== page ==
a stepping-stone to adoption for abandoned furballs





about 50K

Checking In


We got a call yesterday afternoon from Betty, who along with her husband Mark adopted two of our Drifters kittens (Hudson and Hannay) in June. I expected to hear a question about spay/neuter or a behavior issue, but instead Betty said she and Mark had been feeding a stray kitten in their neighborhood, and they had just succeeded in trapping it. They’d been inclined to take it to their local shelter but were having second thoughts.

I told Betty that if they took it to any open-admission shelter, there was no way to predict with certainty what would happen to it. Its fate would depend on its apparent health, its level of socialization, and whatever immediate constraints the shelter faced.

She said the kitten appeared to be healthy and had been eating canned food, and they guessed it was about four weeks old. I offered to take the kitten from her and assess its health. If it was sick, we’d treat it. If healthy, we’d try to socialize it and integrate it with another litter. We were pretty sure Homeward Trails would accept the kitten into the rescue network.

Betty thought that sounded good, so she packed the kitten (still in its trap) in her car and drove to our house. The kitten came right out when we released it in the bunkhouse. I told Betty we’d send her daily updates.

In case the kitten was chilled, I put a space heater in the bunkhouse and didn’t offer food until the room was almost 80 degrees. But the kitten discovered it could climb the baby gate and leap to the counter, where I had set a bowl of dry food aside. Soon it was munching away.

It was also quite squawky, which I decided later was hunger, since the dish of canned food I offered was licked clean within minutes. So was the second serving.

So as of last night, we had a hissy, hidey, athletic black kitten on our hands. I didn’t try to sex it until it got momentarily stuck after climbing our decorative wooden ladder to the top. Then I scruffed it and checked. Male.

This morning Martha made a breakthrough while getting dressed for work. She picked him up and held him, and he purred non-stop, not wanting anything but to be held. Since then it’s been more of the same. He still retreats when I reach for him, but he doesn’t flee, bite, claw, or even hiss. And as soon as I pick him up, he purrs.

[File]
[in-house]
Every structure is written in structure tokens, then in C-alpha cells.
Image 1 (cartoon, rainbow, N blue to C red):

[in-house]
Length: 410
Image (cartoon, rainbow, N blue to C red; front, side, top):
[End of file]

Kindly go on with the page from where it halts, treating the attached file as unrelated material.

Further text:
I e-mailed Betty to ask for a name, and she suggested Cassady. He weighs 1 lb, 12 oz, and we’re guessing he’s 7-8 weeks old. I’m taking him to the vet for his blood test tomorrow. If he tests negative, we’ll probably try to integrate him with the Angels, since little Cassady is definitely starved for companionship.

As a bonus, Betty sent us a few pix of Hudson and Hazel (formerly Hannay), and an update:

They are comfortably settling in to their roles as alpha male and female. They spend most of their time playing with each other, but when they wake up from one of their (many) naps they tend to approach me, give me a single meow, and flop onto my foot. Then nothing gets done until they've gotten their 10 minutes of head scratches and belly rubs.

I've attached a picture of them observing the world through the back door, which is never used and now treated like a floor to ceiling window. I've also attached one of Hudson having fallen asleep in the middle of grooming Hazel, and one where Hudson is using Hazel as a pillow.

Best of luck with the kittens!


Meanwhile the Angels are winging around the villa, chasing each other in figure eights, slapping the stringball, and hopping onto the futon to greet us when we enter the room. This is not a lazy litter.

As of now Ursula ranks as the most peep-oriented of the pack. She likes to crawl onto our chests and face-nuzzle us while purring. After a minute or so she rejoins the scrum, at which point Farrah is likely to take her place for some peep time.

All the Angels are easy to pick up now, and Hope also enjoys being held and stroked. But if her sisters are immersed in fun and games, Hope will squirm her way out of our grasp and back into the action.

Which brings me to Ariel, our smallest and most independent Angel. So far Ariel would always rather be chasing, climbing, leaping, or ambushing than sitting on one of our laps. We expect her to gradually gain an appreciation for peep time, but for now she’s a little rock-and-roller.

Hopefully she’ll get a chance to welcome Cassady into the villa’s fun and games later this week.

filed by: TS



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